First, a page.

Over the past 21 years, my Robot Portfolio, a naïve stock-picking paradigm, has more than doubled the return on the Standard & Poor’s 500 Index, the gauge most professionals use to track the performance of the U.S. stock market.

The cumulative returns: 1,034% for the Robot, 379% for the S&P 500. That works out to a compound annual return of 12.26% for the Robot and 6.55% for the index.

The Robot Portfolio is a 20-year experiment in extreme value investing. Start with all U.S. stocks that are profitable, have debt less than corporate net worth and have $500 million or more in market value. From that universe, simply select the 10 cheapest.

“Cheap” here means a low price/earnings ratio, which is a stock’s price divided by the company’s per-share profits.

Results are extraordinarily volatile, partly because several of the Robot stocks often are in a single industry. The Robot returned 97% in 2009, 73% in 2013 and 68% in 2000. Yet it lost 61% in 2008, 31% in 2007 and 20% in 2018.

Performance figures cited here are theoretical and don’t reflect actual trades, trading costs or taxes. These results shouldn’t be confused with the performance of portfolios I manage for clients. And past performance doesn’t predict future results.

Slump

While the 20-year returns are extremely good, the Robot has been in a slump, trailing the index in five of the past six years. That’s not surprising, because investors lately have preferred growth stocks to value stocks.

Also, index funds that mimic the S&P 500 have become popular. That pulls money into the large growth stocks — such as Microsoft Corp. (MSFT) and Facebook Inc. (FB) — that have a big weight in the index.

Last year, the Robot acted like it needs some oil. It lost 11.28%, while the S&P 500 returned 30.43%, including reinvested dividends.

Four of the 10 stocks the Robot picked a year ago were energy stocks, and all four were down, with a 90% loss in Mammoth Energy Services Inc. (TUSK) and a 62% loss in Gulfport Energy Corp. (GPOR).

Other than energy, the Robot posted a few good gains, such as 68% in Western Digital Corp. (WDC) and 60% in Micron Technology Inc. (MU).

Since the end of August 2019, value stocks have perked up considerably. This may be a good time to take a look at my 2020 Robot Portfolio. Here are the 10 new selections.

Energy galore

Energy stocks dominate the new lineup, which is scary because they have been in a bear market for 5½ years now. They won’t go down forever, however, and perhaps 2020 will prove to be a turning point.

Why would energy equities perk up? Well, there are a few reasons. The volume of oil and gas in storage has decreased lately. The rig count (number of active wells) has fallen. And in a Mideast fraught with tension, a supply disruption is possible.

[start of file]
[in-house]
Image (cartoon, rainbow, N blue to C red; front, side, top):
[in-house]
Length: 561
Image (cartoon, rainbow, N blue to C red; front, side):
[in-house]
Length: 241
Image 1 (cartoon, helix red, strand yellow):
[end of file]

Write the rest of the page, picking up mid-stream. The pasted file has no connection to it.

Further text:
Finally, if economies perk up around the world (not likely but possible) the demand for oil and gas might exceed expectations.

The energy stocks in this year’s Robot Portfolio are:

  • Southwestern Energy Co. (SWN), with a price/earnings ratio of 1.2.
  • Warrior Met Coal Inc. (HCC), with a P/E of 1.7.
  • Berry Petroleum Corp. (BRY), with a multiple of 3.
  • Murphy Oil Corp. (MUR), at 3.4.
  • Alliance Resource Partners LP (ARLP), 3.6.
  • Arch Coal Inc. (ARCH), 4.0.

Brighthouse

Outside the energy realm, the cheapest stock is Brighthouse Financial Inc. (BHS), with a P/E ratio of 2.6. Brighthouse, which split off from Met Life in 2017, took with it most of Met’s individual life insurance and annuity business. It posted losses in 2016 and 2017 but swung to a profit in 2018.

U.S. steel

It’s hard to believe now, but United States Steel Corp. (X) was once the largest corporation in the U.S. Today it’s a mere midsized stock. This will be its third straight profitable year, but it posted losses in seven of the eight previous years. The P/E is just 3.

Ligand

Ligand Pharmaceuticals Inc. (LGND) is cheap (3.7 P/E) in large part because investors don’t trust its accounting. It had to restate financial results in 2016. Some investors also question its business model, which relies on drugs purchased from other companies, rather than developed internally. Nonetheless, five out of six analysts who cover it recommend it.

Live Ramp

Advertisers use Live Ramp Holdings Inc. (RAMP) software to gather and organize information about customers and prospects. The San Francisco company’s revenue has been falling for years, but profits took a big upturn in fiscal 2019. Eleven Wall Street analysts follow it; nine recommend it.

Disclosure: A private partnership I manage holds call options on Murphy Oil.

John Dorfman is chairman of Dorfman Value Investments in Newton Upper Falls, Massachusetts, and a syndicated columnist. He can be reached at jdorfman@dorfmanvalue.com.

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